Pragmatism vs. Idealism? I practice the former to show the latter the door. In the laptop world, that means Apple: a Macbook (Standard/Air/Pro) has been my primary work tool for the past 13 years. I tried switching back to Windows in 2018 with the Microsoft Surface Book 2. The hardware is terrific (coil whine aside) but the operating system (still) makes me twitch. Back to the Mac…
When it comes to smartphones, I’m not in love with Google’s Android operating system; that hardware providers and telcos are permitted to install their own software layer and/or apps spoils any UX consistency. Judged on operating system alone, ‘Pure’ Android (One) smartphones like the Xiaomi Mi A1 and the Essential are more satisfying to use than a flagship Samsung or LG but for me, nothing beats iOS for UI elegance.
And yet for music playback on the go, I invariably prefer an Android device. Not because Android smartphones are universally better but because in five key areas, the Apple iPhone comes up short:
OK (but not great) sound quality
Of those that still offer a headphone socket, Android smartphones are much of a muchness when it comes to sound quality and not in a good way. Many are bested by the iPhone, especially on clarity and dynamic punch.
There are some notable exceptions. With its (US$149) magnetically attached headphone module, the Essential is one of the better sounding smartphones out there. So too is the LG V30 (V40). It’s not a coincidence that both units specify DAC/headphone chips from ESS Labs whose silicon is commonplace in the high-end digital audio world. On sound quality, the LG and the Essential offer a clearly audible step up from any iPhone. Once you’ve spent time with an audio-quality-focussed Android device, it’s almost impossible to go back to an iPhone.
No hi-res audio support
DAC chip choices made by Android smartphone manufacturers can open the door to hi-res audio support. The Essential and the LG both support native hi-res and MQA. The Samsung Galaxy S9 and S10 feature an internal DAC that supports native hi-res audio. Here Apple is found flat-footed, their Lightning-to-3.5mm headphone dongle topping out at 24bit/48kHz – a deal breaker for anyone wanting to stream hi-res via Qobuz or hear the first MQA unfold from Tidal.
Only one advanced Bluetooth codec
The Apple iPhone is perhaps the strongest reminder that many modern-day flagship smartphones no longer come with a headphone socket. End users are instead invited to do the dongle or – increasingly popular – stream wirelessly via Bluetooth. On advanced Bluetooth codec support, aptX (HD) can be found in many Android smartphones (Essential and LG V30 included) and Sony’s LDAC is baked into any Android phone running 8.0 Oreo and above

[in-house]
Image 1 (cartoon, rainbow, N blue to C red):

Alas, Apple arrives two sandwiches short of a lunchbox: Cupertino favours the AAC codec which, when heard via the Sony WH-1000XM3, doesn’t sound quite as good as aptX HD or LDAC. This is a non-issue for anyone using Bose’s QC35 or Apple Airpods – where advanced codec support only encompasses AAC – but a deal breaker for anyone wanting to get the very best from a pair of the aforementioned Sony, B&W’s PX or the Sennheiser Momentum Wireless.
No microSD card slot
Every DAP on the planet has a microSD card slot. Some even have two. The LG V30 has a microSD card slot. The Xiaomi Mi A1 has a microSD card slot. Many Android smartphones offer a microSD card slot. But not the iPhone – a surefire deal breaker for anyone whose music library is spread across one or more microSD cards.
No native FLAC support
And which lossless file format is favoured by the majority of audiophiles? It’s not Apple Lossless but FLAC — natively supported by Android. We can slide a microSD card full of FLAC files into the side of the LG or the belly of the Xiaomi and, via Android playback apps like Foobar or UAPP, we can be up and running with music in moments. To get music onto the iPhone we must use iTunes. And iTunes doesn’t support FLAC files. There are workarounds, including converting FLACs to Apple Lossless files – but none are as elegant as native FLAC support itself. Either way, we are forced to take the time – minutes, not moments – to drag and drop our files from Mac to iPhone.
Bonus: Offline content
iOS demands that we keep our device unlocked whilst offlining content from a streaming service. As soon as the iPhone screen auto locks (30sec? 1min? 5min?), those downloads stop. With an Android phone, we can set as many downloads in motion as we wish, lock the phone and say goodnight. The streaming app will continue its download work in the background. That’s invaluable for those with slow Internet connections.